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Dramaturgy of suspicion and the emergence of a transnational guild of extraction of information by torture at a distance

 

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Type:   Partie ou chapitre de livre
 
Titre:   Dramaturgy of suspicion and the emergence of a transnational guild of extraction of information by torture at a distance
 
Auteur(s):   Bigo, Didier (1956-...) - Centre de recherches internationales (Directeur de publication ou de collection)
 
In:   Extraordinary Rendition. Addressing the Challenges of Accountability
 
Date de publication:   2018-06
 
Éditeur:   New York  :  Routledge
 
Pages:   30-52  p.
 
ISBN:   9780815387800
 
Mots-clés:   [en] United States, extraordinary rendition, torture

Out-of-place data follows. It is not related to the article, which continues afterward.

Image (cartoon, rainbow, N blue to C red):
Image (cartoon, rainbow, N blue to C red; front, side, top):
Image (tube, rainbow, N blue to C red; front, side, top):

Résumé:   [en] The practices of “torture at a distance” – that is, the combination of extraordinary renditions to other services abroad in order for them to extract information from the bodies of the suspects and the outsourcing of enhanced interrogation techniques to get results – have only been possible because of the obedience of a large number of secret services in Europe and beyond. These services have accepted either to torture suspects, instead of the US secret services doing this, or to “prepare” subjects by “softening” their resistance before the arrival of US or UK interrogators. Why did so many countries agree to take on this unpleasant task, or at least turn a blind eye when suspects conveyed on CIA planes would make stops for refueling or to pick up other detainees, especially when so many were not members of the so-called “coalition of the willing”? Could we explain this obedience as a result of a transnational solidarity for the goals of the coalition of the willing and a profound agreement with the necessity to do it? Could we consider that a cost-benefit analysis was calculated and that the CIA or the US government, aware that their own judges and public opinion may condemn them if they took part in torturing suspects in their own territory, proposed a large series of rewards for these countries to do so instead? Did they think it was easier for these unpleasant tasks to be carried out secretly if a delegation of the worst practices was set up abroad? Who decided the different moves in the trajectory leading to torture at a distance? Was it a secret policy coming from a political agreement that the services just applied, or was the process influenced to the point where services lied or silenced their operations in favour of the CIA regarding their own national politicians? How and why were the different actors engaged in such a secret programme unaware that because of the extended nature of the operation, it would be impossible to protect? If, thanks to a coalition of watchers, investigative journalists and some academics, we have a better understanding of the how – and therefore of the shared responsibilities in these events – we still have a series of questions regarding the why.
 
 

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